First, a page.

Skip to content

Is Trump Running? Speculation Grows Over Early Announcement of 2024 Bid — Here’s Everything We Know

There are growing questions over the possibility of an early Trump 2024 announcement this fall, as the midterm elections campaign gains steam. An announcement would be a move that could reframe the entire narrative over this year’s elections. The potential move by Trump has been reported by The Washington Post and apparently confirmed by Trump’s less-than-subtle remarks in an interview with New York Magazine.

The reports and speculations come just a few days after The New York Times released a poll, showing that Biden is in a very weak political position due to his abysmal popularity numbers and that the GOP base is evenly divided over nominating Trump again in two years’ time.

The Post claimed that Trump has wanted to announce an early candidacy for some time and that a number of his closest allies and advisers are now urging him to confirm his bid before the midterms as a way to enhance his political position. The article claims that advisers to the former president say the odds are “70/30 he announces before the midterms.” Some GOP strategists are reportedly opposed to that move, claiming that it could hurt the GOP’s campaign to retake Congress.

The report from the Post has also been apparently amplified by Trump’s own remarks to the New York Magazine, where he said that he has “already made that decision” when asked about a potential 2024 presidential run and when he was asked by the reporter about the midterm elections, Trump asked himself “Do I go before or after?” added, fueling speculations, that “I just think there are certain assets to before.”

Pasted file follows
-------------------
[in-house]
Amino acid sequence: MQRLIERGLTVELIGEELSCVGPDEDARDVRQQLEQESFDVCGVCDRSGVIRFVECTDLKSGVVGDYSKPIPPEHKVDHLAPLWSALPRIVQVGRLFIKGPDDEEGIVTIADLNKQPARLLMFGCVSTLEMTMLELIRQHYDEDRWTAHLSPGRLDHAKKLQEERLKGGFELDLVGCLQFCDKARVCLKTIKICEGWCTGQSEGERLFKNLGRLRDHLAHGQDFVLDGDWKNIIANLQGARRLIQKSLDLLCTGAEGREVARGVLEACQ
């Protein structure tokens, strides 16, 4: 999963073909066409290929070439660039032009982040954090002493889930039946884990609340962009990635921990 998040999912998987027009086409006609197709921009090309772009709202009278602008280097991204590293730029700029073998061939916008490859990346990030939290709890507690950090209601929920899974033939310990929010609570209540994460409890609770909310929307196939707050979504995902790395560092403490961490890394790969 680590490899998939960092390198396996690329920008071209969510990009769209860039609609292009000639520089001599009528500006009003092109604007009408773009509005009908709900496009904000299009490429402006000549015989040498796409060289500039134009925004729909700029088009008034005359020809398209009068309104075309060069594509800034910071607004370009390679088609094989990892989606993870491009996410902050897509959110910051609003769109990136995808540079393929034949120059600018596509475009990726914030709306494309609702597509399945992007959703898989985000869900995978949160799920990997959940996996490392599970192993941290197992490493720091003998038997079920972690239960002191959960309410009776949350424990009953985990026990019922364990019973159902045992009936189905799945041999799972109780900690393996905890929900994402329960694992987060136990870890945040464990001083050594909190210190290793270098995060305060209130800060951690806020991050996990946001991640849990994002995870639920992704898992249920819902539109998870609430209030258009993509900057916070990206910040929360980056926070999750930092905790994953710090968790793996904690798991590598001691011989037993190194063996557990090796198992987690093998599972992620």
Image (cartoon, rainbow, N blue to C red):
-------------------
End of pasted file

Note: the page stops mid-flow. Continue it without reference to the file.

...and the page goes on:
Florence (United States), 12/03/2022.- Former US President Donald Trump addresses an outdoor Save America rally at the Florence Regional Airport in Florence, South Carolina, USA, 12 March 2022. The rally was held in 36-degree Fahrenheit (2 degrees Celsius) weather as temperatures plummeted from the Arctic Blast sweeping across the East Coast. (Estados Unidos, Florencia) EFE/EPA/RICHARD ELLIS

The political calculations behind an early Trump 2024 announcement

A potential early announcement of his candidacy could be a game changer for both Democrats’ and Republicans’ strategies and chances to control Washington before the 2024 presidential elections. Democrats would try to capitalize on the divisiveness of the former president as a way to mobilize their base and convince moderates to vote for them despite Biden’s widespread unpopularity.

Moreover, an early Trump 2024 announcement could have some significant effects on the Republican Party’s strategy to retake Congress and in the 2024 field of presidential hopefuls. First, it could leave some Republican candidates in swing districts vulnerable to attacks from their Democratic opponents who will try and turn the election into a referendum on the former President instead of on Biden. The flip side of that argument, however, is that Trump’s announcement could energize the Republican base and ensure a GOP victory later this fall.

"*" indicates required fields

Is the Mar-A-Lago raid an unjust witch hunt?*
This poll gives you free access to our premium politics newsletter. Unsubscribe at any time.
This field is for validation purposes and should be left unchanged.

An early Trump announcement would also add another layer to the incoming 2024 fight for the GOP nomination. Campaigns of potential primary opponents will have a harder place to start if Trump runs. The status of a declared presidential nominee will inevitably give more media coverage to Trump, which could improve his chances to win the nomination again. The last New York Times/Sienna poll shows that Trump if he finally confirms his nomination, is the candidate to beat since 49% of Republican voters would vote for him, although the poll also showed that current Florida governor Ron DeSantis would have 25% of the vote in a potential matchup against Trump.

Whether the former president decides to start his third consecutive bid for the presidency before or after this year’s midterms remains only known to himself. What remains clear, from the post article and from his own remarks, is that the question Republicans are asking themselves is not if Trump will run but rather when will he announce, and, if anyone is going to oppose him.